Dunnock

Dunnock

Prunella modularis

The Dunnock is an inconspicuous little brown bird, which stays in bushes or close to cover as it forages near the ground for food.  It is also known as the ‘hedge sparrow’, though it is not actually related to house or tree sparrows and has a different shaped pointed bill which is ideal for insect feeding. 

Description: The Dunnock is about 5 1/2 in (14 cm) long, similar in size to a House Sparrow.  It has a brown back, with dark streaks, and a grey throat, underparts and stripe above the eye.  Male and female are similar, and equally well camouflaged in shady hedges and woodland.  The Dunnock's high piping song can be heard for most of the year, and sometimes even at night.  Outside the breeding season, it is usually solitary and only gathers together in small groups when food is plentiful. 

Nesting and breeding:  The breeding season lasts from late March to early July, with 2 or 3 broods.  The male and female builds a cup-shaped nest of grass and moss, lined with wool and hair, low down in a hedgerow or bush.  The female then lays 3-5 light blue eggs which hatch after about 13 days.  The nestlings are fed by both parents, flying after about 12 days.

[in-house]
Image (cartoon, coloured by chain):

Where to see them

  • Dunnocks are found throughout Britain except the extreme north 
  • They stay close to their birthplace, except for some winter visitors to eastern counties 
  • They breed wherever there are small trees and shrubs, and are particularly plentiful in gardens and parks 
  • The Dunnock population dropped rapidly after 1970, and although it has now stabilised, the bird is on the RSPB’s ‘Amber’ watch list 
  • What they eat

  • Dunnocks eat small insects, larvae, spiders, earthworms and small seeds 
  • They creep around the ground foraging for food, always close to cover
  • In the garden, Dunnocks will usually feed on the ground underneath the bird table on seeds and scraps, including grated cheese
  • Recommended Farbrook Farm foods: Premium Wild Bird Food, Insect Suet Pellets, Dried Mealworms.
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